IGN Bows Site With User Content

Fox Interactive’s IGN Entertainment has debuted a free community hub that advances already healthy user-generated content and interaction. Called Club.IGN.com, the hub builds in sponsorship and ad integration to allow marketers to reach what the company says are deeply-involved visitors.

The newly appointed community acts as a companion to IGN’s male lifestyle network. It offers users the ability to create blogs, interactive lists, reader reviews and FAQ submissions. Club will also host blogs and developer diaries authored by film and video game industry luminaries. Editors of the IGN network also maintain blogs on the Club site.

“We already have a really active community on IGN, so the club product came out of the users asking for it,” IGN’s Director of Marketing Jennifer McLean told ClickZ News.

Users can also customize the site with a customized header to pair with their profiles. The graphic sits above the leaderboard banner that runs on each page. At launch, Fox was running a campaign for the movie “X-Men: The Last Stand.” Additional advertising and sponsorship opportunities are being developed.

On the IGN network at large, user-generated content has had a longstanding presence. “We’ve expanded that so they can create custom pages, lists and customize their experience,” said McLean.

The ability to create lists already existed on IGN, however it was enhanced when it migrated to Club. IGN estimates that about half a million of its 13 million readers maintained lists prior to the creation of enhanced lists on Club. Users can track not only video games, but movies on DVD and UMD, Sony’s PlayStation Portable video format. Marketers can use the lists to get a reading on how a video game, DVD or other media might be perceived by the IGN readership.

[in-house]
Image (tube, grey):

“You can affinity target games [or movies] that a target audience likes,” said McLean. “Now having more complete lifestyle data is providing much more powerful data sets.” McLean adds that users of the site check out the lists to glean data as well. “Users want to know what their peers want.”

Club is expected to have a symbiotic relationship with IGN’s editorial site. Bloggers are encouraged to link to editorial content, creating a flow of traffic. “If they upload a review, FAQ or entry on their blog, they can link to what’s called a game object,” said McLean. “That will link to the editorial, which will possibly link to that blog.”

Though IGN is owned by Fox Interactive, which also owns the popular social networking site MySpace.com, McLean said the social-networking elements were developed without input from the parent’s other property.

The interaction-heavy elements developed for Club are also used by competitor publishers like Ziff Davis and its 1UP.com. CNET said it also has plans to launch a site with user-upload capabilities in Q2.

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